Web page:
DVIDS – News – USU Research Center Reactor Resumes Operations to Support Military Readiness

After six years of inactivity, the Uniformed Services University’s Armed Forces Radiobiology Research Institute (AFRRI) TRIGA, or Training, Research, Isotopes and General Atomics, reactor resumed operations on July 25, 2022. The reactor has been offline for upgrades to its instrumentation and control system.

The TRIGA is classified as a non-power reactor and does not produce electricity like a commercial nuclear power plant. The TRIGA reactor is designed to be inherently safe. By law, all reactors in the US must have negative temperature feedback – wanting to slow down or stop the chain reaction as the fuel temperature increases. But what differentiates the TRIGA from power reactors is that it has 10 times the amount of negative temperature feedback. As the power increases, the reactor wants to shut itself down. Unlike power reactors that have to maintain active water cooling to prevent fuel from melting, even for a period after shutdown, TRIGA is designed to shut itself down and would naturally cool air at a temperature below that which would cause fuel damage. This unique feature makes it safe to house TRIGA reactors in many hospitals and university campuses throughout the US

AFRRI was established in 1961 to advance the understanding of the effects of ionizing radiation. Scientists conduct research in biodosimetry, combined injury (radiation plus conventional injuries), metal toxicity, low dose radiation, and the development of radiation countermeasures in three main areas: radiation protectants, radiation mitigators and radiation treatments. AFRRI research has also supported the development of cancer treatment in both the military and the general population by better understanding how to prolong bone marrow expectancy exposed to this type of radiation. This research directly supports operational military forces and is critical, should service members become exposed to radiation.

AFRRI’s TRIGA reactor is housed in a deep open pool of purified water, and can simulate the radiation emitted from the detonation of a nuclear weapon, from the prompt neutron and gamma radiation that is emitted within the first minute to the subsequent fallout radiation. Adjacent to the pool are two large exposure rooms. The radiation from the reactor flows into the rooms where biological specimens are located to study how radiation affects different specimens. The facility now uses a newly-revamped control room for the TRIGA, fully vetted and approved by the Nuclear Regulatory Commission, under the careful watch of highly trained, licensed operators.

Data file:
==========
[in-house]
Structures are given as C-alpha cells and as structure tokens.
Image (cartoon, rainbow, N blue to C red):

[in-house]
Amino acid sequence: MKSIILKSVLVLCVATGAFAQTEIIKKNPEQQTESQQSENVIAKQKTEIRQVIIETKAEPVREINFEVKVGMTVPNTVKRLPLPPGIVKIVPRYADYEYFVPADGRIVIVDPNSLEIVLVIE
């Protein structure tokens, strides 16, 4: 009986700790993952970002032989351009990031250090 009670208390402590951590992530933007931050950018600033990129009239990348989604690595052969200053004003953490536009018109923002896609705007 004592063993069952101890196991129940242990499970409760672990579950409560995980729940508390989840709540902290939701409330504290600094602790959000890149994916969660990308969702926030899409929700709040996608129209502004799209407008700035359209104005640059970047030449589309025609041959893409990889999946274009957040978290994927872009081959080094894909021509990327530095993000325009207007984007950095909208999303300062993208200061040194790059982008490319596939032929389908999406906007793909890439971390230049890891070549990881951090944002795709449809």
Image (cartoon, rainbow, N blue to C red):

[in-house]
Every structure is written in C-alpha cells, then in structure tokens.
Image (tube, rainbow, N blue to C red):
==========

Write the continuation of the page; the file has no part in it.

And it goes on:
In addition to the TRIGA reactor, AFRRI also has two cobalt-60 irradiators, a linear accelerator (LINAC), computed tomography scanner (CT) and small animal radiation research platform (SARRP) systems to support its military readiness research mission. The cobalt irradiators are capable of studying the effects of radiation on the entire specimen as a whole, while the LINAC and SARRP are capable of focusing the radiation into narrow beams to study the effects of radiation on specific areas of a specimen.

In addition to the strict safety protocols required by the Nuclear Regulatory Commission, Department of Defense and other oversight agencies, AFRRI recently instituted its own robust safety conscious work environment (SCWE) program. The program is designed to promote open dialogue with employees on nuclear safety-related issues and is intended to ensure that all AFRRI personnel feel comfortable raising their concerns and that they will be assessed and mitigated.

“Our greatest priority, in addition to supporting the fight in a future nuclear contaminated battle space, is safety,” said Army Col. (Dr.) Mohammad Naeem, AFRRI’s director. “We go well above and beyond what is required. We have honored our skills to the level where excellence is no longer an option. It’s a habit.”

Date Taken: 02/08/2022
Date Posted: 04/08/2022 08:48
StoryID: 426498
Location: U.S
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